I have to apologise in advance: I really ought not to write this. Firstly the subject is clearly thirsty for attention (an appearance on Channel 4’s First Dates does not a ‘reality TV personality’ make). Secondly, I really do think we should expend our energies on poignant battles. Daniel May’s conservative gay values really do lack poignancy.
That being said, reading is fundamental. So let’s do some history…
June 28, 1969, a police raid sparked rioting at the Stonewall Inn. It was transgender women, drag queens and the best of the gender defying gay and lesbian community that fought back in the radical tradition of 60s militancy. They defended their venue from armed police who sought to shut down their abnormal associations, all the while many of them balanced fabulously on high heels. See, despite having been told they were men and that they should only ever behave as such, they shouted back a grand ‘FUCK YOU’ to that sort of normality. The Pride parades we enjoy each year began June 28, 1970. They were once a reminder of our pride as a community in Stonewall, in who we are and in what we wear.
Yet in his fifteen minutes to shine, Daniel May of First Dates’ fifth season attempted to unwind all of this history. When presented with Paolo as a date, everything fell apart at the revelation that the young Italian likes to wear a pair of heels. Attempting to express his dismay and inability to compute that someone with a penis could put on a pair of shoes with equally phallic potential, it all got a bit much for Daniel.
But that’s okay, right? We can’t govern people’s desires and inner thought processes. Well watch me go.
Daniel’s first instinct was to tell Paolo that it isn’t normal for men to wear heels. Noticing how revealing his language was, he has since decided that the problem is actually none of us understand what the word ‘normal’ means because we don’t know how to use that most challenging and arcane of books: the dictionary. Sure, simply observing a high street you’re more likely to find the men of this country sporting the short-heeled variety of shoe. In that sense Paolo is a deviation from the norm. But his comments suggest that Daniel isn’t simply the sociology undergraduate he pretends to be.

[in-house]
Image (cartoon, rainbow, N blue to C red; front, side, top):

Speaking to GuysLikeU, he says “I really don’t find camp men attractive at all. I am gay for a reason and that’s because I like a man to be a man. I like a man who can kick and punch me in the bedroom, not scream like Bambi. I just wanna put a sock in their mouth and run out the house […] I really do believe certain gay men make it really really hard for us gay guys who are not camp. Unfortunately we still live in a world where being gay in not fully accepted and there are certain gay men out there that I cringe at and they make me embarrassed to be gay myself.”
And then it descends into pseudo-psychology and taxonomies of camp, allowing Daniel to delineate just how much femme is too much femme. A necessary task when you yourself have gone on national TV wearing a black sequin blazer.
I say ‘femme’ not because it’s a term Daniel uses, but because that is what this is about at its heart. The ‘masc4masc’ short hand signifier of gay hook-up apps is a stand in for a ‘no fems’ ethos. One that sees being gay in opposition to desiring femininity or anything associated with women. I’m not here to explain the fragility of your masculinity to you; Seán Faye has done quite well at unravelling gay male misogyny here though.
Daniel’s words really do speak for themselves. ‘In a world where being gay is not fully accepted…’ he chooses to cringe at other gays. He’d rather be more like the people who don’t accept him, than like others in his own community. He’d stand with your street harasser and attacker, quite happily being normal.
This isn’t a question of desire, it’s one of solidarity. You might not like heels. They might even turn you off for whatever reason. But as people who are routinely marginalised we usually try to adopt a principle of not treading on your fellow weirdos in an attempt to make it. That kind of behaviour is called assimilation and heteronormativity. Your desires may be your own to interrogate, but when you join in a chorus of public bigotry expect to be told just how bad your private reasoning is. Especially when it’s so painfully obvious that you’re trying to get a media career out of this.
So-called men in heels are not making anything difficult for you; they won you the rights you enjoy today. If you want someone to blame for any homophobia you experience, try a homophobe.
There are those of us who have become distanced from the gay-male community precisely because this brand of heteronormativity is the norm. It’s feeble and it’s sickening (not in a good way). And it’s certainly unworthy of the struggle that brought us to the social standing we enjoy today. Instead we are queers. Those who are told we’re not normal even by the Daniels of this world. Those femmes who wear heels, lashes and make-up for your entertainment, but you wouldn’t be caught dead with in the street.
The next time there is a Stonewall riot we’ll remember you were on the side of the police.